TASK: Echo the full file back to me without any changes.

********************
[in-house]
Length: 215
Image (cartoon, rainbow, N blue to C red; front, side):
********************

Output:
[in-house]
Length: 215
Image (cartoon, rainbow, N blue to C red; front, side):